Most investors tend to think that hedge funds and other asset managers are worthless, as they cannot beat even simple index fund portfolios. In fact, most people expect hedge funds to compete with and outperform the bull market that we have witnessed over the past few years. However, hedge funds are generally partially hedged and aim at delivering attractive risk-adjusted returns rather than following the ups and downs of equity markets hoping that they will outperform the broader market. Our research shows that hedge funds do have great stock picking skills, so let’s take a glance at the smart money sentiment towards Carlisle Companies, Inc. (NYSE:CSL).
Hedge fund interest in Carlisle Companies, Inc. (NYSE:CSL) shares was flat at the end of last quarter. This is usually a negative indicator. At the end of this article we will also compare CSL to other stocks including Marine Harvest ASA (NYSE:MHG), Leggett & Platt, Inc. (NYSE:LEG), and Brookfield Property Partners LP (NYSE:BPY) to get a better sense of its popularity.
Keeping this in mind, let’s take a peek at the new action encompassing Carlisle Companies, Inc. (NYSE:CSL).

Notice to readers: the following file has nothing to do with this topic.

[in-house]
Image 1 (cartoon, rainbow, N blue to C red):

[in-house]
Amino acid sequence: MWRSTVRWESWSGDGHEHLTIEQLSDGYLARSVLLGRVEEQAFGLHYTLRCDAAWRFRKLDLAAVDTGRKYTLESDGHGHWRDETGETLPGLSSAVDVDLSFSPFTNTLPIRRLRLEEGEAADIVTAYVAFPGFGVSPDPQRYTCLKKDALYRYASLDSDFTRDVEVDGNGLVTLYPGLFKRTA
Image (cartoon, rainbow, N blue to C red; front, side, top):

What does the smart money think about Carlisle Companies, Inc. (NYSE:CSL)?
At Q3’s end, a total of 23 of the hedge funds tracked by Insider Monkey were long this stock, a change of 0% from the previous quarter. With hedge funds’ capital changing hands, there exists an “upper tier” of key hedge fund managers who were boosting their stakes significantly (or already accumulated large positions).
When looking at the institutional investors followed by Insider Monkey, Anand Parekh’s Alyeska Investment Group has the largest position in Carlisle Companies, Inc. (NYSE:CSL), worth close to $47.3 million, amounting to 0.6% of its total 13F portfolio. The second largest stake is held by Matthew Lindenbaum of Basswood Capital, with a $29.5 million position; the fund has 1.5% of its 13F portfolio invested in the stock. Remaining hedge funds and institutional investors that hold long positions contain Chuck Royce’s Royce & Associates, Cliff Asness’ AQR Capital Management and Steve Cohen’s Point72 Asset Management.